Unsealed interlocking pavers are susceptible to staining, chipping, and growth of creepers through the cracks and edges. Although pavers require minimum maintenance, regular cleaning of the pavers and occasionally sealing them are necessary to preserve the well-tended look of your pristine patio or driveway. Sealing pavers is quite easy, considering that a lot of good quality acrylic-based sealants are available in the market.
It is important to identify the material of the Large format pavers, whether it is clay, concrete, or stone because scrubbing material depends on it. To clean pavers, you can use a scrubbing brush and water with a little amount of regular household detergent. Let the solution sit for fifteen minutes before scrubbing off with a broom. Sealing pavers immediately after installation decreases the chances of getting displaced or disfigured.
The pavers set in sand move and adjust, so in case a piece of pavers is chipped off in the process, immediately replace it. So keeping a few extra pavers in stock is a good idea, in case the particular design suddenly goes off the market. You don’t want to ruin a perfectly symmetrical patio with one mismatched paver.
If the pavers are laid on sand, check them annually to see if the pieces have sunk. Brush in sand in the space in between them, if necessary. The sand in the joints should be half as high as the level of the pavers. Sealing concrete in between prevents this problem.
Cleaning pavers should not be put off. The surfaces of the pavers are porous and quickly absorb oil; the longer the oil remains, the deeper it sets making the stain permanent. Get oil removers from a local hardware store, but make sure it is not acidic. Acidic chemicals can react with the salt of the pavers and damage them.
Weeds growing in the pavers are a nuisance, especially when they force cracks through the tiles themselves! Sealing pavers mostly avoid this, but sometimes if the weeds are not plucked for a long time, they can be dislodged from their slots. Apply a weed killer to get good results. If the pavers are not matt finished applying a stone polish can prevent weeds from growing profusely, along with providing protection. If you want some greenery in between your pavers, scatter short rooting grass or herb seeds evenly along the joints.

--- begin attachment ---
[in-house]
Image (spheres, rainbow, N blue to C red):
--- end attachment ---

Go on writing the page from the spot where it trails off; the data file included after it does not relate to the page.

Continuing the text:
It is advised to lay pavers in the sun. If your pavers don’t get enough sunlight, there would be a chance of them getting infested with moss. This not only degrades the appearance of the pavers but also decreases their durability. Sealing pavers can prevent algae growth.
Another problem often springs up due to the salt present in most of the Large format pavers; efflorescence. This is a white chalky residue that forms on the surface of the pavers in contact with water or on its own. This can be cleaned using concentrated cleaners. Sealing pavers minimizes the formation of the residue. Pavers, being regularly trodden on, must be cleaned and polished to keep them intact for a long time.
When people look at the pavement they see something to drive and walk on. As a property owner, you see an expense. As a contractor, I see trip hazards and possible damage claims.
People are fickle and loyalty is not what it once was. If your parking lot is filled with potholes and navigating them frustrates the driver, they will go somewhere else next time. It is the same with your sidewalks, if they are full of puddles or raised pieces people will not feel secure and frequent another establishment. People want comfort, security, and convenience. Many business owners concentrate on these things once the customer is through the door.
As a property owner or manager, you should work with an experienced contractor. Your contractor should inspect your pavement annually. This will result in preventative strategies, alternatives, and cost projections. This will allow you as the owner/manager to develop a budget and a plan for your pavement maintenance. A reputable contractor will be mindful of your need to work within your budget and work with you to prioritize the work needing to be done.
Preventative maintenance has many benefits for you as the owner/manager. Identifying problems at the early stages ensure they won’t become large ones later. By having these inspections done you will be addressing issues and therefore minimizing damage claims, both the frequency and degree of settlements. If there is litigation these inspections and work orders will be invaluable to show due diligence on your part.
An awful-looking parking lot will not encourage customers to come into your business and this will cost you money in lost revenue. Dangerous pavement will cost you in lawsuits. Budgeting for pavement maintenance is a low-cost alternative.